As for sex, I believe we do have the sex which is socially imposed upon us, first by our parents and next by society. Sex for me is not the simple result of biological elements and of genetic characteristics. These genetic characteristics impose a social role (and this in Latin America is felt in very strong terms), a social role which is almost always an imposition on our sentiments and on our free behavior. In this sense we don't have the sex we would like to have for in many cases this would be a multiple sex. And in this sense I am convinced that to limit this multiple sex to one sex only involves a limitation of our freedom.

(Hughes 273)

Peri Rossi's interest in androgyny goes hand in hand with the lyricism of her prose. Her poetic style is her method of replacing conventional notions of an ordered rendering of existence with a chaotic and organic new representation. In this way, not only are her characters androgynous, but their language tends to blur differences established by conventions based on gender. Her novels are highly suggestive of freer, less constrained lifestyles which are at odds with those of her native Uruguay but also those in the modern, urban, vaguely identifiable and uniformly impersonal spaces of the world her characters inhabit. Her novels are about linguistic transgression and redefinition of limits as much as they are about patriarchal/dictatorial society, exile, unrequited passion, and addiction to gambling. Additionally, Peri Rossi's poetic prose brings the reader face to face with the plurality of meanings that each word is capable of carrying. Poetic language breaks down conventional transferal of meaning, opening up wider possibilities of expression, at the same time that it allows a greater ambiguity into the discourse.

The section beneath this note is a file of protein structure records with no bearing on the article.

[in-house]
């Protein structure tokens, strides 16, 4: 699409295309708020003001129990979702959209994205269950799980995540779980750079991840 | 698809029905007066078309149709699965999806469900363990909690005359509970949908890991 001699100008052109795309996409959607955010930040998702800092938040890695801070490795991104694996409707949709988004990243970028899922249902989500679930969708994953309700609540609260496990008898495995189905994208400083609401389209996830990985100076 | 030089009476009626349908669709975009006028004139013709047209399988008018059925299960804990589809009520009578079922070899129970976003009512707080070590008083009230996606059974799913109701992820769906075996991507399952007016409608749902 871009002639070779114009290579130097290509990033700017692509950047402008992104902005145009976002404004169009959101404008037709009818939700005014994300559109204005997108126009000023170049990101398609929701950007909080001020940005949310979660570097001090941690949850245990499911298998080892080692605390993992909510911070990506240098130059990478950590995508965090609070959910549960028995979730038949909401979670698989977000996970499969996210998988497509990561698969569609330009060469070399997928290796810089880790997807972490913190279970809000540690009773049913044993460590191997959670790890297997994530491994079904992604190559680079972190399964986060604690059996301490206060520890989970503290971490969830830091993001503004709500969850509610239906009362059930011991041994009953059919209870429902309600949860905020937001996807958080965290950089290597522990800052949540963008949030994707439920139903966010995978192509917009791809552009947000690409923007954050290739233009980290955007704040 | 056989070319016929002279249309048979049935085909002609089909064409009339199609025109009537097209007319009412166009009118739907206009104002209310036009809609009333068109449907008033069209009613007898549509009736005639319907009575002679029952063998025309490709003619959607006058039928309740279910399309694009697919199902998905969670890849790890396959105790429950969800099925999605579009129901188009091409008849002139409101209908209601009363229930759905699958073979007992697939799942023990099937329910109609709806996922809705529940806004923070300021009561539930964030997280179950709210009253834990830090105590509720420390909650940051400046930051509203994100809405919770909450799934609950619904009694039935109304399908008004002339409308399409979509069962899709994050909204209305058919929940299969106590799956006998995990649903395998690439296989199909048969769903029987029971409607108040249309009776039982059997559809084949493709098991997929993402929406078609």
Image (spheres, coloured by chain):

By way of turning now specifically to the novels themselves, we might note that in all of them except Solitario de amor, Peri Rossi's use of the masculine voice has ironic undertones, and only in La nave de los locos does this reach a blitheness that is suggestive of the degree to which she might expect to thwart conventional patriarchal politics and sexuality. Additionally, it is only in La nave that lesbianism is specifically characterized as a neutral alternative to traditional mainstream heterosexuality, though her depiction of subversion is by no means limited to the scrambling of traits and roles based upon gender.